Saturday recap: Big Baller Board, tour of Jerry Lawler’s on Beale

It’s that time of year. Yesterday I pulled up a seat at the bar at Bardog at 11 AM and slapped a Benjamin on the bar.

“I hope you don’t think you’re getting change for that,” said Bloom.

“No, it’s for the kids,” I said. Three weeks from today, the Breakaway Bardog 5K and Monroe Avenue Fest will raise money for St. Jude. They are taking donations in advance. Anyone who donates $100 or more gets their name on the Big Baller Board at Bardog. My donation got my name on the board.

If you can’t make it to Bardog to donate, you can donate online. Do me a favor… there are teams competing to see who can raise the most donations. If you don’t already have a team when you donate online, I would appreciate it if you would select “Send Bob to the Dunk Tank” from the “Are you donating toward a team?” dropdown list.

After Bardog I got lunch at Havana’s Pilon, the Cuban place at Madison and Second. I got the Picadillo, the ground beef, over Congri black beans and rice with a side of boiled yucca. Huge portion for $8. Great value.

After lunch I headed to the Blind Bear, where I was joined by my friends Jeremy and Jeana. Jeremy and Jeana were recruited to join the Moody Ques back in March by our Deputy Director of Public Relations. “We just went by Bardog,” Jeremy told me. They showed me a photo.

Not surprised at all to see a BBQ teammate join me on the Big Baller Board. The Moody Ques are the most giving, caring BBQ team in Memphis.

After we finished our beers, Jeremy and Jeana asked, “Do you want to walk around Beale Street with us?” I hadn’t been to Beale in a while and it was a beautiful day out, so I came along. On the way there I noticed that the Silly Goose, now able to serve drinks on its area of Peabody Place, had added umbrellas to the tables out there, providing much-needed shade.

We walked down Beale looking for a place to go. “King Lawler’s?” Jeremy suggested. Believe it or not, as big a wrestling fan as I am, I had actually never been in Jerry Lawler’s bar. Beale Street just is not on my radar very much. Happy for a chance to check the place out, I agreed.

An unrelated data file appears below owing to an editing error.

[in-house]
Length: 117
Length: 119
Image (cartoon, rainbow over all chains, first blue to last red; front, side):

“You’ve never been here? I’m going to see if Randy will give you a tour,” Jeremy said. I knew immediately who Randy was.

Randy Hales was the founder and booker of Power Pro Wrestling that operated in Memphis in the 1990s. He is currently the manager of Jerry Lawler’s place on Beale. While the servers went to get Randy, I ordered a large Budweiser (they didn’t have PBR on draft) and the Deputy Director of Public Relations tried on a crown.

Being a sports bar, there were many TVs at Jerry Lawler’s, most of which were tuned to the ESPN family of channels. However, a few of the TVs showed classic moments from Memphis wrestling. In 1982, NWA World Champion Ric Flair came to town and he got some company as Lance Russell interviewed him:

Randy came over and introduced himself and the four of us went downstairs. I was like a kid in a candy store, and having read Lawler’s autobiography, I had lots of questions. Randy told stories about Jackie Fargo and how “The King” got his nickname. He told us how “Soul Man” Rocky Johnson’s son wanted to break into pro wrestling in 1996. Not wanting to ride his dad’s coattails, he took the name Flex Kavana. His first match was in Kennett, Missouri, right down the road from Jeremy and Jeana’s farm. When he got good enough to get called up by the WWE, he took his dad’s first name and his grandfather Peter Maivia’s surname: Rocky Maivia. Eventually he would shorten his ring name to The Rock.

I got to sit on the set of The Jerry Lawler Show, which ran for many years on Channel 5. I interviewed the Deputy Director of Public Relations of my BBQ team, who chose to stand on the coffee table.

Back upstairs, I sat on The King’s throne.

Back at the bar following the tour, I thought to myself, WHY HAVEN’T I BEEN COMING HERE? How many lifelong fans of pro wrestling have a wrestling-themed bar, owned by a living legend of the business, a quarter mile walk from their home? I get it that the clientele is mostly tourists, but just think of the conversations I could have in there, trading memories and stories. I’m not saying I’m going to make it my main hangout or anything, but I can see myself in Jerry Lawler’s place a couple of times a month. I want to try the deep fried ribs sometime. My friend Eric Hughes plays live music there from time to time, so perhaps I will go see him.

Thank you so much Randy for the tour, and thanks to Jeremy and Jeana for the idea.

Excellent Saturday. Now it’s time to follow it up with an excellent Sunday.